Unfortunately, the Akhal Teke foal is affected by Naked Foal syndrome. This is a hereditary issue where the foals are born without any hair at all. Foals with this syndrome don’t live for long and suffer while they’re alive. Genetic testing can help prevent breeding horses that carry the gene. (5)
Grooming the golden horse – or any member of the breed, needs to be done with care. The breed has shorter hair than other horses. This is one of the reasons that they have a metallic sheen, the short hair has a unique structure, and the light reflects through it. (6)
Akhal Teke grooming should be done daily because they have fine hair. Daily grooming keeps their coat healthy and prevents unnecessary hair loss. It’s also an ideal way to bond with a horse and provide enrichment. The breed has tough hooves that are strong and healthy. But, they still need to be cleaned daily to prevent any issues and maintain their health. (7)
Akhal Teke Horse History
The Akhal Teke horse history is 3,000 years old, even older than the Arabian horse. They’re the closest descendant of the Scythian horse, one of the earliest domesticated and ridden. The Akhal Teke developed in central Asia, now called Turkmenistan, along the Russian border. This area includes the KaraKum desert, which shaped the breed’s characteristics.
Turkmenistan borders Iran and Afghanistan, as well as Russia. The Tekemene people started breeding their horses for their nomadic lifestyle and raids against other tribes more than 3,000 years ago.
The horses developed a reputation for their fiery personalities, brilliance in war scenarios, and speed in horse races.
The area where the Teke people lived is relatively isolated by the Caspian Sea on one side and mountains and desert on two other sides. Akhal Teke horse origin remained unchanged by outside bloodlines.
The name Akhal Teke was first used in the 1800s. Prior to that, the horses were referred to by many names, including Turkmene, Persian, Massaget, Nisean, and Parthian.
The modern version of the Akhal Teke horse can be traced to the 8th century. Horse pedigrees were passed down orally through families.
Russians first acquired Akhal Teke horses 500 years ago and have been closely tied to the breed’s history since then. Horses were kept in the royal stables and coveted by all. They annexed Turkmenistan in 1880 and established a stud farm, collecting all the best horses.
Boinou was born in 1885 and one of the stallions collected and used at the farm, and the most popular Akhal Teke bloodlines trace back to him. Use by the Russian military, crossbreeding, war, and other stressors significantly decreased the Akhal Teke population.
Notable Akhal Teke Horses
There are many famous Akhal Teke horses throughout history, as can be expected when they were known and loved by Alexander the Great and Marco Polo. Notable champions of modern times are making the breed a household name, specifically in sport horse arenas, and are ambassadors for the Akhal Teke horse pedigree.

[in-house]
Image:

Absent was a black Russian Akhal Teke stallion who won Olympic gold in dressage at the 1960 Olympics in Rome when he was eight years old. He collected an amazing record of six Olympic medals over his lifetime, the most of any horse. He sired over 70 foals before his death in 1975, including talented dressage and jumping horses.
Senetir was the first Akhal Teke stallion imported to the United States. Margot and Phil Chase of Virginia imported him to Virginia in 1978, they’re longtime stewards of the Akhal Teke horse breed in the country. He sired many foals to help establish the breed in the U.S. before his death in 1999.
Kandar is a son of Senetir and was the mount of Karen Yates. The major accomplishments of this Akhal Teke gelding include being the 1998 United States Equestrian Federation Horse of the Year and the Intermediate Level Zone Champion in Three-Day Eventing that year. He was also on the long list for the 2000 Olympic Games in Sydney, Australia.
Myths and Legends
The history of the breed is filled with Akhal Teke horse legends and while many are from ancient times, their modern history includes just as many legends. They chronicle the endurance and stamina of the breed, their unique coat color, and uncover information about their gaits that wasn’t previously known, despite the breed’s long history.
In 1935, the Turkmene people decided to raise awareness about their horses. They rode a group of stallions for 2,500 miles in 84-days, from the Turkmenistan capital to Moscow, Russia. This included 225-miles across the Karakum desert. The horses crossed the desert in three days despite the limited water available. Another group completed this ride in 1988.
Melekush’s Golden Sheen
Queen Elizabeth of England has been gifted many horses because of her equestrian interests. Nikita Khrushchev of the Soviet Union gave her Melekush, a golden dun stallion, in 1956. However, her grooms were unfamiliar with the Akhal Teke breed and kept trying to clean the dust off him until they realized he was a real golden horse.
The trot of the Akhal Teke horse is not a two-beat diagonal gait. This unique characteristic was discovered by Phil Chase of Virginia, the first to import the breed to the United States. He and his wife had research conducted; it was proven that each hoof strikes the ground individually, creating an efficient, gaited horse and a smoother ride.
Modern Akhal Teke Horses